Comparing Risk Based Monitoring and Remote Trial Management vs. SDV

September 28, 2018
Penelope Manasco M.D.

Michelle Pallas

Lisa Danzig M.D.

Charlene Kimmel

Sean Bennett M.D., Ph.D.

Garrett Manasco

Deborah Thompson MPH

Lisa Bedell MA

Everett Lambeth

Kevin Fielman Ph.D.

Applied Clinical Trials

A new RBM method used in PaxVax trial proves successful vs. onsite source data verification for trial oversight.

Five years ago, the FDA and EMA released final guidance to change trial oversight methodology from onsite visits using source data verification (SDV), the gold standard for more than 30 years, to a risk-based monitoring (RBM) approach.1,2

Implementing this guidance created two daunting challenges to reconcile as follows:

  • No standard RBM definition or standard way to implement RBM exists; these myriad of definitions and implementation approaches correspondingly represent different levels of effectiveness to identify “errors that matter.” 

  • No head to head comparisons exist that compare different trial oversight methods.

This lack of scientific data on trial oversight effectiveness is a critical unmet clinical research need. It affects more than 100,000 research participants per year and their health care providers. 

This paper represents a prospective analysis comparing the effectiveness of using traditional SDV versus one method of RBM (i.e., the MANA Method). We identified the specific RBM method used herein due to inconsistent RBM definitions and RBM implementation methods, and the varying levels of effectiveness for all the different RBM approaches.

Research methods

PaxVax conducted a Phase IV vaccine trial in approximately 500 subjects at nine U.S. sites.  

The study was conducted using Electronic Data Capture (EDC). The study was approved by an Institution Review Board (IRB) and each subject signed an IRB-approved informed consent prior to participating. Subjects received one dose of study vaccine. Subjects collected any changes in health for nine days in a paper diary aid and sites entered the results into the EDC. Each research site maintained its own informed consents and site regulatory binders.

Site monitors visited the research sites monthly and spent approximately 72 days onsite conducting SDV of the trial data. PaxVax’s senior management team (i.e., Medical Monitor, Sr. Director Biostatistics, Director of Data Management and Statistical Programming) reviewed the data monthly to identify trends or data errors that would be followed up by the site monitor.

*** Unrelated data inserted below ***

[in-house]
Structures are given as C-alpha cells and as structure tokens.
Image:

MANA RBM modified its risk based monitoring and remote trial management system (i.e., the MANA Method) to initiate an RBM approach for this study that began after 5.5 months of trial conduct (approximately 500 subjects already enrolled). To fully implement the MANA Method, additional trial oversight and remote document review, including informed consents and site regulatory documents, would also have been implemented and evaluated.

Note: MANA RBM’s risk-based monitoring approach is a patent-pending, data-driven, scientifically-focused, systematic, remote approach to trial oversight called the MANA Method. This approach, conducted independently of the EDC, synthesizes data across data sets and data sources to conduct review of protocol-specific high-risk data and processes identified during a proprietary, risk assessment service. This review focuses on how analysis and safety data are collected (i.e., process) in addition to the actual data for analysis. Integrated remote subject review starts within days of subject visits and includes rapid trend analysis of site performance to identify and correct systematic errors quickly. 

In this pilot study, MANA RBM independently and remotely reviewed and used the existing trial data available electronically to determine whether errors and trends could be identified faster and more comprehensively than using the traditional SDV method. Analysis of informed consents, regulatory documents, and source documents were not included in this pilot study because the documents were not available electronically.

MANA RBM first conducted a proprietary, risk assessment service based on the protocol. It then designed proprietary, study-specific reports and data visualizations to evaluate the high-risk data and processes identified during the risk assessment. The basic categories included: efficacy endpoints, safety assessments, investigational product (IP) management, and human subjects’ protection.

Trial data was imported from the EDC platform into JReview, hosted by Integrated Clinical Systems, Inc. MANA RBM designed its proprietary Subject Profile Analyzing Risk (SPAR) tool to provide an integrated visualization of the high-risk data for each subject over time and trained the remote monitors in its use. SPAR configuration is unique for each trial based on the critical issues identified during the risk assessment. Additional proprietary, custom reports were also developed to support protocol-specific analysis of high-risk data and processes and trends.